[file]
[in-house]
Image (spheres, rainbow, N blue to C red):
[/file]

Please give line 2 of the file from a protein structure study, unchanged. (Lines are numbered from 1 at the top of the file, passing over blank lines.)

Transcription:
Image (spheres, rainbow, N blue to C red):